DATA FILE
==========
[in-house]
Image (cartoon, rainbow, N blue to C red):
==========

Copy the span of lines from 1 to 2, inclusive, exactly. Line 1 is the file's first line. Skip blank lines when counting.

[in-house]
Image (cartoon, rainbow, N blue to C red):